RMIT University located in Melbourne, Australia is launching the country’s first online course dedicated to blockchain technology. With Blockchain being such a game-changer in the technology world, RMIT decided to jump on board and team up with Stone and Chalk to offer this course, designed by their Blockchain Innovation Hub. The Blockchain Innovation Hub was launched in 2017 with the purpose of exploring and investigating the regulation and social implications of Blockchain technology. It is the only full service, research, learning and industry-linked blockchain body thus far.


For $1500 AUD, the 8-week “Developing Blockchain Strategy” course will be open on March 19 to all entrants, students and otherwise. Enrollees will learn how to adapt and apply Blockchain technology across different industries and businesses. Upon completion of the course, students will be eligible for one full credit (12 credit points) into select RMIT business programs at a bachelor or master level to be recognized by prospective employers.


Stone & Chalk manager Alan Tsen stated, “there is a real demand for Blockchain training and a skills gap in the market that needs to be addressed.” The 8 week course will be “as practical as possible,” RMIT added, by connecting participants with the Blockchain industry community. It is no question that Blockchain will play a HUGE role in the future of business. There are several industries outside of cryptocurrency that have already jumped on board.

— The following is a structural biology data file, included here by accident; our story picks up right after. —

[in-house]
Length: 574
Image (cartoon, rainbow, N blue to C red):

An Upwork study conducted in late 2017 revealed that Bitcoin is the #1 sought after skill-set by employers. There is a very high global demand for experts familiar with Bitcoin, as several businesses themselves are looking into developing their own cryptocurrencies. With this also comes a demand for blockchain expertise. This course will be huge for business leaders and entrepreneurs looking to develop an understanding of Blockchain technology and how to apply it to their businesses.


“Blockchain is now becoming a core part of contemporary digital literacy and we’re delighted to offer an industry-focused program,” stated RMIT vice-chancellor Martin Bean. “We’ve built this course with companies that understand blockchain. We’ll start with the blockchain fundamentals, then use them to develop real-world business strategies.”


It’s only a matter of time before other universities across the world offer such courses. This is the future! Who’s up next?!


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